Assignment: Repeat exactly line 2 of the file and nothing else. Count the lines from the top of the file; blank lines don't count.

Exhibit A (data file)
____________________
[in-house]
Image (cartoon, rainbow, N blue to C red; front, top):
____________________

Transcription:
Image (cartoon, rainbow, N blue to C red; front, top):